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Continuous synthesis of artemisinin-derived medicines

Kerry Gilmore a, Daniel Kopetzki a, Ju Weon Lee b, Zoltán Horváth b, D. Tyler McQuade a, Andreas Seidel-Morgenstern bc and Peter H. Seeberger *ad
aMax-Planck-Institute of Colloids and Interfaces, Department of Biomolecular Systems, Am Mühlenberg 1, 14476 Potsdam, Germany. E-mail: peter.seeberger@mpikg.mpg.de
bMax-Planck-Institute for Dynamics of Complex Technical Systems, Sandtorstrasse 1, 39106 Magdeburg, Germany
cOtto-von-Guericke-University, Chair for Chemical Process Technology, Universitätsplatz 2, 39106 Magdeburg, Germany
dFreie Universität Berlin, Institute of Chemistry and Biochemistry, Arnimallee 22, 14195 Berlin, Germany

Received 3rd July 2014 , Accepted 29th August 2014

First published on 29th August 2014


Described is a continuous, divergent synthesis system which is coupled to continuous purification and is capable of producing four anti-malarial APIs. The system is comprised of three linked reaction modules for photooxidation/cyclization, reduction, and derivatization. A fourth module couples the crude reaction stream with continuous purification to yield pure API.


As the global demand for medicines has increased, efforts to implement continuous Active-Pharmaceutical Ingredient (API) production have intensified.1 Continuous processes hold many potential benefits including increased safety and product quality, as well as lower environmental impact.2 While proof-of-concept continuous API syntheses3,4 focused on linear transformations, we describe the combination of a divergent, multi-step continuous synthesis with continuous in-line purification to prepare several artemisinin-derived APIs that are key components in Artemisinin Combination Therapies (ACT), the World Health Organization's (WHO) recommended first-line treatment for malaria.

Today, the key active pharmaceutical ingredients of all ACT anti-malarials are produced in one or two chemical steps from artemisinin (3) (Fig. 1). The majority of artemisinin (∼200 tons per year) is extracted from the plant Artemisia annua and prices fluctuate with harvest yields.5 The plant waste material dihydroartemisinic acid (DHAA) 2 has also been used to synthesise artemisinin via continuous flow photochemistry with subsequent acid-induced rearrangement, resulting in a fast (residence time less than 12 minutes) and efficient (69% yield) transformation.6,7


image file: c4cc05098c-f1.tif
Fig. 1 Overall production scheme of anti-malaria APIs from artemisinin obtained by traditional extraction from Artemisia annua and genetically modified yeast combined with chemical modification. Dihydroartemisinin (4, combined with piperaquine in Eurartesim, Artekin and Duo-Cotecxin), β-artemether (5, combined with lumefantrine in Coartem), β-arteether (6, Artemotil), and α-artesunate (7, combined with amodiaquine in Coarsucam and ASAQ-Winthrop).

ACT medications rely not only on the procurement of artemisinin, but also its conversion to the corresponding APIs (4–7). To achieve a completely continuous synthesis and purification of the three main anti-malarial APIs, we built upon the previously described continuous synthesis of artemisinin 3 from DHAA 2 (Fig. 3, module 1).6 While lithium triethylborohydride (Super-hydride®) effects the reduction of pure artemisinin 3 to DHA 4 in a continuous flow chemistry setting,8 this reagent is an order of magnitude more expensive than the NaBH4 used in traditional batch syntheses. Super-hydride® is even more expensive than artemisinin, making it unsuitable for the production of a price-sensitive API. Consequently, a continuous process using inexpensive NaBH4 had to be developed.9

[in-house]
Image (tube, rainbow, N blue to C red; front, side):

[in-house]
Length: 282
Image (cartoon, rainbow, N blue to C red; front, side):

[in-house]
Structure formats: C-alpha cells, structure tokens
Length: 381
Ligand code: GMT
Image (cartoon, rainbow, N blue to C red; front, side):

Several challenges had to be overcome, including the insolubility of NaBH4 in the toluene–TFA solvent mixtures exiting module 1. While NaBH4 suspensions have been used in batch to prepare DHA, the use of slurries in flow remains a major challenge,10 particularly when envisioning prolonged production runs. A NaBH4-containing packed-bed column would be an attractive means of reducing 3 to 4. While packed-beds containing NaBH4/Celite® mixtures (1[thin space (1/6-em)]:[thin space (1/6-em)]1 (w/w))11 successfully reduced artemisinin from the outflow of module 1 to DHA, columns packed in this way proved unstable (see ESI). Different column additives to both accelerate the reduction and stabilise the column were screened (Fig. 2). Lithium chloride (LiCl) accelerates NaBH4 reductions via the in situ formation of LiBH4,12 but clogging remained a problem. Buffering the trifluoroacetic acid (TFA) contained in the reaction stream by the addition of lithium carbonate (Li2CO3) also did not remedy the clogging problems. However, upon combining the two additives and mixing NaBH4, Celite®, Li2CO3, and LiCl (1[thin space (1/6-em)]:[thin space (1/6-em)]1[thin space (1/6-em)]:[thin space (1/6-em)]1[thin space (1/6-em)]:[thin space (1/6-em)]0.76 (w/w)) as packed-bed materials and using an alcohol co-solvent such as ethanol,12 complete and clean reduction of crude artemisinin was achieved (Fig. 2, red line). By combining modules 1 and 2, the first API (4) is produced from DHAA 2, with module 2 representing a general solution to achieve efficient reductions of carbonyl compounds in continuous flow, with a reduction capacity which is stoichiometric with respect to NaBH4.13


image file: c4cc05098c-f2.tif
Fig. 2 System pressure observed during reduction of crude artemisinin 3 as a function of cosolvent and solid additives in the Celite®/NaBH4 column.

The mixed methyl acetal 5, API of the drug Coartem, is accessed by combining artemisinin reduction and methyl ether formation (modules 2 and 3, Fig. 3). Previous attempts at developing a combined continuous process were unsuccessful due to sensitivity following NaBH4 reduction.14 As such, the effects of both hydride source (1 M LiEt3BH or reduction column) and workup conditions on the resulting epimeric ratio of β[thin space (1/6-em)]:[thin space (1/6-em)]α artemether were examined in batch following treatment with Feed BAM (1.8 M HCl in 2[thin space (1/6-em)]:[thin space (1/6-em)]1 v/v methanol/trimethyl orthoformate). The ratio was determined by 1H NMR of the crude reaction mixture following basic workup of the second step, comparing the doublets at 4.65 ppm (β-artemether 5, J = 4 Hz) and 4.32 ppm (α-artemether, J = 8 Hz).15


image file: c4cc05098c-f3.tif
Fig. 3 Four module system for the continuous synthesis and purification of artemisinin APIs (in red text). TFA: trifluoroacetic acid, EtOH: ethanol.